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- Humans have evolved numerous mechanisms to respond to physical, biotic and social threats.
- The major causes of extrinsic mortality are biotic, and include competition for nutrient supplies with other organisms of the same or different species; predation; and infection by micro-organisms.
- Detection of a stressor elicits physical, endocrine and behavioural responses that evolved to cope with the threat or perceived threat. There may be pathological consequences of inappropriate stress responses.
- Pathogens and parasites have co-evolved with their hosts.
- The adaptive immune system is a key component of protection against microbial infection in vertebrates. Its specificity is a consequence of variation and selection.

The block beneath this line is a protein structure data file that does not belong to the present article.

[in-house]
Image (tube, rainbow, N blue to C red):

- Variations in drug-metabolising ability may be an echo of past adaptive responses to new food sources encountered by migrating humans.
Age-specific mortality rates in the influenza epidemics of 1911-1917 and the ‘Spanish’ influenza epidemic of 1918
The high virulence of the 1918 virus may have resulted from an aberrant host immune response that caused extensive tissue damage in the lungs; in addition, previous exposure of older persons to an antigenically related virus several decades earlier may have contributed to the relatively higher mortality in younger people.